Rick Knudsen used to sit on the porch of his rural four-bedroom house in Calimesa and gaze up at Little San Gorgonio, a peak on Yucaipa Ridge in Southern California. An enormous house was being constructed on the side of the mountain face. Mr. Knudsen would dream of what it would be like to live there, overlooking the giant redwoods.
A year later he bought the house.
In 2014, Mr Knudsen won $180 million in the California Mega Millions lottery. “‘Hey brother, I’m outta here’,” he recalled telling his boss when he retired from his job as a manager of a roofing products company.
Mr. Knudsen paid $5.5 million for the not-yet-completed home on about 50 acres, which already boasted a 17-seat movie theater and garage fit for a car collector. He spent millions more on an adjacent buffalo ranch on 155 acres, then still more on another neighboring 640-acre swath of land and a steakhouse and saloon in the area. He said he spent about $11.5 million in all. The next year he bought a home for each of his five children.
A Lotto Winner’s Multi-Million Dollar Estate
After winning $180 million in 2014, Rick Knudsen bought this 16,000-square-foot mountain home with a car-collector’s garage and a movie theater.
Craig Strong of Pacific Union International, Mr. Knudsen’s real-estate agent, said his client’s purchases were driven by feeling, rather than investment returns. “I’ve represented people who’ve inherited a fortune, made a fortune but never won a fortune,” Mr. Strong said. “It became more of an emotional purchase for him, because he was able to fulfill his own dreams.”
“It was just bam, bam bam. Within three months I owned it all,” laughed Mr. Knudsen, 57. Now, he is listing his spread for $26 million.
The property’s main house spans about 16,000 square feet of living space with five bedrooms. Including the buffalo ranch, it sits on 845 acres that ascend from 5,000 to 9,000 feet in elevation. It has an elevator, a gym, a wine cellar, a one-bedroom guest apartment and a wraparound deck. On the grounds, there are two barns, a caretaker’s home, a stocked fishing pond and a 5½-mile hiking and driving trail.
The fully-operational ranch comes with 45 buffalo, which are grass- and apple-fed and served at the steakhouse. Mr. Knudsen said he has spotted black bear, deer and mountain lions on the property. He estimated that he spends roughly $1,000 a month feeding the wildlife, including 150 pounds of apples and carrots a month.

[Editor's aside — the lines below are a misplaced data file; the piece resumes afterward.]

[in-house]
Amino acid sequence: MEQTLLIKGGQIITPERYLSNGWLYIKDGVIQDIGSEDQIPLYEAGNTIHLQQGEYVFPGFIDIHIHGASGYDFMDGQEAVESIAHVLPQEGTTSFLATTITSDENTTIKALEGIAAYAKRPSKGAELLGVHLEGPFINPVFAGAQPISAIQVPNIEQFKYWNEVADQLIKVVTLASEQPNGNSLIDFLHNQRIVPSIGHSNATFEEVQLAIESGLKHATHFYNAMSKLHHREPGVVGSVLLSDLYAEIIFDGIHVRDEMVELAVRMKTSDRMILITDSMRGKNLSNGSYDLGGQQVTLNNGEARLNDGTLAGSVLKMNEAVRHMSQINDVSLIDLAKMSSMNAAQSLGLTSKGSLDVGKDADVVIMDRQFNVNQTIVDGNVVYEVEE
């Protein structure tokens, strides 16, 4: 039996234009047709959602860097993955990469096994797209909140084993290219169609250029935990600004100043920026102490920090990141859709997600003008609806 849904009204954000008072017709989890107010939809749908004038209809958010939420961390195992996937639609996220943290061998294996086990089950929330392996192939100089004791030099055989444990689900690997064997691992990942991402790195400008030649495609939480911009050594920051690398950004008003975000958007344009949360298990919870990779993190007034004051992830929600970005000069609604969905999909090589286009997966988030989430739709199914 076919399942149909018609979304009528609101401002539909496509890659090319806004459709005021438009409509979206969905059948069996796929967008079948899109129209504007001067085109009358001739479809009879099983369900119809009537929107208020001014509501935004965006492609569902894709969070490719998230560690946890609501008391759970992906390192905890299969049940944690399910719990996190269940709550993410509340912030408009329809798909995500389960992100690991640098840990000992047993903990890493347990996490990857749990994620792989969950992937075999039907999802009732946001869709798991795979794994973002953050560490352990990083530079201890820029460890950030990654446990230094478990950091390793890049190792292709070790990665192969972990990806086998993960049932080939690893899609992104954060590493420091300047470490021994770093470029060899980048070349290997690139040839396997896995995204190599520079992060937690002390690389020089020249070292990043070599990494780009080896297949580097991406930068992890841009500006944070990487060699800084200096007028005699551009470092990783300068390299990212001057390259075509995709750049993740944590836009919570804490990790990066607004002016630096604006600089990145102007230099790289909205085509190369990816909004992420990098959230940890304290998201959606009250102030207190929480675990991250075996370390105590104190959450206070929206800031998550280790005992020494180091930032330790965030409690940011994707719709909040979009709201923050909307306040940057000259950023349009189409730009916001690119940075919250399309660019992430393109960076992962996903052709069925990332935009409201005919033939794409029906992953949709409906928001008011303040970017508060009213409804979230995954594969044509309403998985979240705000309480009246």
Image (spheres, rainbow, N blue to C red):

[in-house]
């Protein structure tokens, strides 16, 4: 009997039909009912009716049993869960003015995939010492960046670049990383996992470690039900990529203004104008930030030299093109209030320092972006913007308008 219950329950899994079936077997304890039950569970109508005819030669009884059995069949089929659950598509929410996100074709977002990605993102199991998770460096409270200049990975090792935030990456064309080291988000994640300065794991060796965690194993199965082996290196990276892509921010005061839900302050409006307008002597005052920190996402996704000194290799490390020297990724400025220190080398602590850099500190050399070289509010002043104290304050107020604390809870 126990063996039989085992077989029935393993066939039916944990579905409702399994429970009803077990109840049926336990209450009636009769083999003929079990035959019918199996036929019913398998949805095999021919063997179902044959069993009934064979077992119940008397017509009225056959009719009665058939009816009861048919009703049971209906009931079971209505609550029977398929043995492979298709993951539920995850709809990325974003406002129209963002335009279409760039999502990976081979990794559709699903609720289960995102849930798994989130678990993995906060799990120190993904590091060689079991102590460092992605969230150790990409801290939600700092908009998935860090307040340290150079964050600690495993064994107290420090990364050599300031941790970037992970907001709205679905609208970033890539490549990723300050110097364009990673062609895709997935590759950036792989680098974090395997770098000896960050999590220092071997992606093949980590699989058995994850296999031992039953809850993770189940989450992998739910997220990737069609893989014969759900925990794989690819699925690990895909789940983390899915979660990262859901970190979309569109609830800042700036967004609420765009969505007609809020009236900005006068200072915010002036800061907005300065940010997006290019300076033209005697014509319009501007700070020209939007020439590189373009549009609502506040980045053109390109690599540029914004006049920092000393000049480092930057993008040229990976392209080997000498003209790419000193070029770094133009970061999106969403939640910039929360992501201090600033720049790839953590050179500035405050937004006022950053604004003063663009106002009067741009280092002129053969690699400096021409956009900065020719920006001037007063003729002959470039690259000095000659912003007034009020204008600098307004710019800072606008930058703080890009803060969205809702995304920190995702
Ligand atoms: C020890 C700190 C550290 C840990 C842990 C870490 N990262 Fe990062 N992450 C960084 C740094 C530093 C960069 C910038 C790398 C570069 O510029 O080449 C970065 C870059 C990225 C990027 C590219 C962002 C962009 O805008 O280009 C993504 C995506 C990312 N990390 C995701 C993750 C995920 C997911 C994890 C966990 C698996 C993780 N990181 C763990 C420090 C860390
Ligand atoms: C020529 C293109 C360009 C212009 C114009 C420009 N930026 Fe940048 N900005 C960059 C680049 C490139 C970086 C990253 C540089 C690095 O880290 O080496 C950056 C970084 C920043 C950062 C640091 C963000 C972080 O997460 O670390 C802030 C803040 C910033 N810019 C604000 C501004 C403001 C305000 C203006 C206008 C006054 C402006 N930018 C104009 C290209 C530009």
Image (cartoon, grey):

The offering is unique in that it includes the house, the saloon, which is managed by Mr. Knudsen’s son, and the buffalo ranch, Mr. Strong said. Essentially, Mr. Knudsen is looking for someone to take over his house as well as the small collection of enterprises he purchased following his lottery win.
Originally from Hawaii, Mr. Knudsen grew up in a modest home in Oceanside, Calif. His father was a veteran who served in South Korea and Vietnam, and his mother did clerical work. Mr. Knudsen started working in the roofing business when he was 19, and worked his way through the ranks to become general manager of the company he worked for. He moved to the San Bernardino area around 1982.
Mr. Knudsen said he’s always been a lucky guy, and has a thing for numbers, having won $20,000 in blackjack a few years back. “You can say I’m a crackpot, but I’m not,” he quipped. For the week leading up to the win, he said that every time he went into a store, his cash total was an even number, with no change at all. “When these things happen numerically, I think my luck is good,” he said. So he bought a lottery ticket.
He said he bought that winning lottery ticket in 2014, at a 7-Eleven on a trip back from the gym. He found out he won while on vacation in nearby Palm Springs the following day, when his sister called to say the winner came from the local store. “I was cool. I didn’t freak out,” he said. He did later rent a party bus to cart his family and friends around local bars, though.
While many lottery winners have suffered financial problems in the wake of their wins, Mr. Knudsen said he is in no financial difficulty: “I’m worth more now than I was when I won it,” he said. “My old boss hooked me up with his financial adviser, and I’ve done nothing but make millions.” Mr. Knudsen added that he’s happier as a result of the win. “I really am,” he said. “I do run into some haters, some old clients of mine and stuff, but I’m cool.”
He said he never considered leaving the areas of Calimesa and Oak Glen, which are about an hour from Palm Springs and which have been his home for several decades. He doesn’t have other homes around the country, preferring to stay in a Marriott when he’s traveling.
Mr. Knudsen said he has been antsy since he completed the main home six months ago, and is ready to move on to another challenge—building another mountain home at a lower elevation nearby. One of his five children also has some health issues that are exacerbated by the altitude. “I’m actually a little bit bored because I’m done here,” he said.
Mr. Knudsen said he does have some advice for the winner of the latest Mega Millions jackpot of $1.537 billion: “Call me.”
Write to Katherine Clarke at email@example.com
Appeared in the October 26, 2018, print edition as ‘The Life of a Lotto Winner.’